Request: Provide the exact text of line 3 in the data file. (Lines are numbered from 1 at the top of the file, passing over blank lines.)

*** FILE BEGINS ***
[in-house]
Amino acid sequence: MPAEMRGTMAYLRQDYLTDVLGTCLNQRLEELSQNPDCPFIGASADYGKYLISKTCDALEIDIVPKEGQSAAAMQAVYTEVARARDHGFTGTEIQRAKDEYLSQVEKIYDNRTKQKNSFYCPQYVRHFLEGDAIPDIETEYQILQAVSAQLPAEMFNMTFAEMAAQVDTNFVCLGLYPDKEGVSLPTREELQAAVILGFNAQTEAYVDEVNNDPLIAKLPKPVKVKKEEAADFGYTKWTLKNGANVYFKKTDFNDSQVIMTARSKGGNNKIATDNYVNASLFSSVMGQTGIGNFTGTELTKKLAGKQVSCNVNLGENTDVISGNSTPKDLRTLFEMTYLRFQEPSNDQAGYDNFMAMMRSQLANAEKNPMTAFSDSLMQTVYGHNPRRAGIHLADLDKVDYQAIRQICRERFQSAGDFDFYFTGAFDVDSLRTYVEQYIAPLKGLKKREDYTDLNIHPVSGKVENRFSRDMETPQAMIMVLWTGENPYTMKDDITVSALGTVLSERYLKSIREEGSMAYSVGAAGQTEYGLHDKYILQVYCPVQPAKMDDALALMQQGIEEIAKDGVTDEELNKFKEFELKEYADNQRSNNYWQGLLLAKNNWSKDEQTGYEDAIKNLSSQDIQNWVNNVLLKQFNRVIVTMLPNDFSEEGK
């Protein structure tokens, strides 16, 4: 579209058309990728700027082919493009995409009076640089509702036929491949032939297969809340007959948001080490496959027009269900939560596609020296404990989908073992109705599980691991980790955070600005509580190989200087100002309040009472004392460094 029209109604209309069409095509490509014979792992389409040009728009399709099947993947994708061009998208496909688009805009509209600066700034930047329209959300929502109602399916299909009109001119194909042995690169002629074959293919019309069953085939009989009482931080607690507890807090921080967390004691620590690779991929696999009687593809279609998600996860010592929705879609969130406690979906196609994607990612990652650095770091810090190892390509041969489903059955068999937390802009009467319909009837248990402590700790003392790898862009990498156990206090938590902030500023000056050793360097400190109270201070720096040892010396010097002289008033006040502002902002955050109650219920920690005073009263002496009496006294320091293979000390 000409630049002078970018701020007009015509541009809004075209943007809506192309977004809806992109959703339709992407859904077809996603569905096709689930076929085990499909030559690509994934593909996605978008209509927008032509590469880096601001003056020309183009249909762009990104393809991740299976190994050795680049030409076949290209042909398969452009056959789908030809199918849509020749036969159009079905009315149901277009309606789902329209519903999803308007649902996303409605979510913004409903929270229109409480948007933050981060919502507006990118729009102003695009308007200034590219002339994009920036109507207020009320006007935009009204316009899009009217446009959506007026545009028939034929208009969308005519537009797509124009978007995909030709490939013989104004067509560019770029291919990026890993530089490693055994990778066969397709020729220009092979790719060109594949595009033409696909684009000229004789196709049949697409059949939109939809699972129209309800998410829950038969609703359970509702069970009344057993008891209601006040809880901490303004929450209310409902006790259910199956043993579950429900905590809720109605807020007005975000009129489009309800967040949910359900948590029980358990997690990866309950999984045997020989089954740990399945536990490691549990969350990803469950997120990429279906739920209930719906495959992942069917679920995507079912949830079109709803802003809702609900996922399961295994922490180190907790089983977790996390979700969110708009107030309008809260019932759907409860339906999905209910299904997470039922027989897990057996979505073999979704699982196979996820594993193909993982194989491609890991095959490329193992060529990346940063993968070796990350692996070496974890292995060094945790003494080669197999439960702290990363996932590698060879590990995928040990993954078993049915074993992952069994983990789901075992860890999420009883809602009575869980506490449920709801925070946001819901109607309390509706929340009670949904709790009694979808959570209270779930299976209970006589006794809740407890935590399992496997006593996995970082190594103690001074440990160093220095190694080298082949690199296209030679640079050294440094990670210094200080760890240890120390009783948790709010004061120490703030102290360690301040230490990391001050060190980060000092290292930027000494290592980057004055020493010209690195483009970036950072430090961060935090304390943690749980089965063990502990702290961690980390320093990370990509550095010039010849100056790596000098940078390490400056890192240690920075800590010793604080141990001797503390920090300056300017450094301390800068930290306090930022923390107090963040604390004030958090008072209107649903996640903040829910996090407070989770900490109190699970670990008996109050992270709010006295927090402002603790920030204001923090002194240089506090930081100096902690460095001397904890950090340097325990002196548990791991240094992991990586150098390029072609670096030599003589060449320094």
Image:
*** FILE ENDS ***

């Protein structure tokens, strides 16, 4: 579209058309990728700027082919493009995409009076640089509702036929491949032939297969809340007959948001080490496959027009269900939560596609020296404990989908073992109705599980691991980790955070600005509580190989200087100002309040009472004392460094 029209109604209309069409095509490509014979792992389409040009728009399709099947993947994708061009998208496909688009805009509209600066700034930047329209959300929502109602399916299909009109001119194909042995690169002629074959293919019309069953085939009989009482931080607690507890807090921080967390004691620590690779991929696999009687593809279609998600996860010592929705879609969130406690979906196609994607990612990652650095770091810090190892390509041969489903059955068999937390802009009467319909009837248990402590700790003392790898862009990498156990206090938590902030500023000056050793360097400190109270201070720096040892010396010097002289008033006040502002902002955050109650219920920690005073009263002496009496006294320091293979000390 000409630049002078970018701020007009015509541009809004075209943007809506192309977004809806992109959703339709992407859904077809996603569905096709689930076929085990499909030559690509994934593909996605978008209509927008032509590469880096601001003056020309183009249909762009990104393809991740299976190994050795680049030409076949290209042909398969452009056959789908030809199918849509020749036969159009079905009315149901277009309606789902329209519903999803308007649902996303409605979510913004409903929270229109409480948007933050981060919502507006990118729009102003695009308007200034590219002339994009920036109507207020009320006007935009009204316009899009009217446009959506007026545009028939034929208009969308005519537009797509124009978007995909030709490939013989104004067509560019770029291919990026890993530089490693055994990778066969397709020729220009092979790719060109594949595009033409696909684009000229004789196709049949697409059949939109939809699972129209309800998410829950038969609703359970509702069970009344057993008891209601006040809880901490303004929450209310409902006790259910199956043993579950429900905590809720109605807020007005975000009129489009309800967040949910359900948590029980358990997690990866309950999984045997020989089954740990399945536990490691549990969350990803469950997120990429279906739920209930719906495959992942069917679920995507079912949830079109709803802003809702609900996922399961295994922490180190907790089983977790996390979700969110708009107030309008809260019932759907409860339906999905209910299904997470039922027989897990057996979505073999979704699982196979996820594993193909993982194989491609890991095959490329193992060529990346940063993968070796990350692996070496974890292995060094945790003494080669197999439960702290990363996932590698060879590990995928040990993954078993049915074993992952069994983990789901075992860890999420009883809602009575869980506490449920709801925070946001819901109607309390509706929340009670949904709790009694979808959570209270779930299976209970006589006794809740407890935590399992496997006593996995970082190594103690001074440990160093220095190694080298082949690199296209030679640079050294440094990670210094200080760890240890120390009783948790709010004061120490703030102290360690301040230490990391001050060190980060000092290292930027000494290592980057004055020493010209690195483009970036950072430090961060935090304390943690749980089965063990502990702290961690980390320093990370990509550095010039010849100056790596000098940078390490400056890192240690920075800590010793604080141990001797503390920090300056300017450094301390800068930290306090930022923390107090963040604390004030958090008072209107649903996640903040829910996090407070989770900490109190699970670990008996109050992270709010006295927090402002603790920030204001923090002194240089506090930081100096902690460095001397904890950090340097325990002196548990791991240094992991990586150098390029072609670096030599003589060449320094």